Large-Scale Real-Time Strategy (RTS) for the iPad & iPhone 

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Closed Beta

Galactic Conflict is already a great game but in order to make it even better, I need your help. Basically, I need qualified RTS gamers to play the game before release and help me improve it before release. If you want to participate in the Galactic Conflict closed beta, there are few rules to consider.

Test Goals

Obviously, any test is about finding bugs and fix them. However, during the beta, my interest is beyond simple bug hunting only. Basically, I have the following goals in mind:

Campaign Difficulty Curve
The story mode missions may be too hard, too easy, or the difficulty curve may need adjustments (i.e. a later mission may be easier than an earlier one or there’s an all too sudden increase in difficulty). I don’t really feel like totally redoing the campaign but certain adjustments are certainly necessary.
Multiplayer Performance
It is hard testing multiplayer alone. You really need multiple people from all over the world with varying network conditions play each other for a realistic scenario. While it is good to test in the lab with Network Conditioners or with a friend in another town, nothing beats the real thing.
Faction Balance
With two different factions being part of the game, it is important to find out if one got an decisive edge over the other. This is commonly what people refer to as “the balance”.
Overpowered/Underpowered Units
There’s 26 different ship types in the game and ideally, I want all of them to be useful. Obviously, you’ll always build your strategy around a few key units and other units will only be support (e.g. it doesn’t make sense to spam scouts), but ideally, all units should serve a purpose in certain situations. If some units don’t make an appearance, then something may be wrong about them (or about the units that are given the preference).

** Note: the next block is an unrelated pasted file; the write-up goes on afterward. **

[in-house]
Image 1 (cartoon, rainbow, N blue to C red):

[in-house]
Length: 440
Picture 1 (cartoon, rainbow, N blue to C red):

Strategic Depth
In any game, there are strong build orders and outright stupid build orders, but if the game forces you into one single build order to stand a chance, then there’s a problem with strategic depth. It should be possible to use different builds without outright losing right there.
Pace
The pace of the game is also key to a nice experience. Obviously, this is a very subjective matter. What is too fast for one may be boring for another. However, tampering with metal/crystal income per second or research/building/unit build times can dramatically change the whole gameplay around.
Cheese
Cheese commonly refers to cheap strategies that can win you the game by exploiting some game design elements that allow a quick win. It is different from cheating in that those game elements are part of the game. Still, cheese is often a frustrating element in any RTS. An example of cheesing would be building a force of ships that are powerful against planets, then just ignore the enemy fleet and destroy all planets winning the game faster than the fleet can be owned.

Design Goals